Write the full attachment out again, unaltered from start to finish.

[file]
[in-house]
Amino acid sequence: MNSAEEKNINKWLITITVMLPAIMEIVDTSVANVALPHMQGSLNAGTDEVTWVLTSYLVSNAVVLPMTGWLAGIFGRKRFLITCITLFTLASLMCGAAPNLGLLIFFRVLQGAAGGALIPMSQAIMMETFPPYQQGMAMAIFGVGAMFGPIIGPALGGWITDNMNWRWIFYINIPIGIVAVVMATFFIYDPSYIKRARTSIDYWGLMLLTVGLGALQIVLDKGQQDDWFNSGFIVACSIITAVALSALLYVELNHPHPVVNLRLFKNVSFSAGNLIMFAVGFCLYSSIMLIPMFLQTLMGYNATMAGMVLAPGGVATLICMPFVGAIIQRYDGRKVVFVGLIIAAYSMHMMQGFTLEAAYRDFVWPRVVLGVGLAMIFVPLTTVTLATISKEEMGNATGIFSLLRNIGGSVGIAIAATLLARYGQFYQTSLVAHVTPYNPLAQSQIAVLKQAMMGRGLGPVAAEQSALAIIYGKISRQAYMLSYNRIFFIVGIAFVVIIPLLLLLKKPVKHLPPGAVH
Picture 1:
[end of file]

[in-house]
Amino acid sequence: MNSAEEKNINKWLITITVMLPAIMEIVDTSVANVALPHMQGSLNAGTDEVTWVLTSYLVSNAVVLPMTGWLAGIFGRKRFLITCITLFTLASLMCGAAPNLGLLIFFRVLQGAAGGALIPMSQAIMMETFPPYQQGMAMAIFGVGAMFGPIIGPALGGWITDNMNWRWIFYINIPIGIVAVVMATFFIYDPSYIKRARTSIDYWGLMLLTVGLGALQIVLDKGQQDDWFNSGFIVACSIITAVALSALLYVELNHPHPVVNLRLFKNVSFSAGNLIMFAVGFCLYSSIMLIPMFLQTLMGYNATMAGMVLAPGGVATLICMPFVGAIIQRYDGRKVVFVGLIIAAYSMHMMQGFTLEAAYRDFVWPRVVLGVGLAMIFVPLTTVTLATISKEEMGNATGIFSLLRNIGGSVGIAIAATLLARYGQFYQTSLVAHVTPYNPLAQSQIAVLKQAMMGRGLGPVAAEQSALAIIYGKISRQAYMLSYNRIFFIVGIAFVVIIPLLLLLKKPVKHLPPGAVH
Picture 1: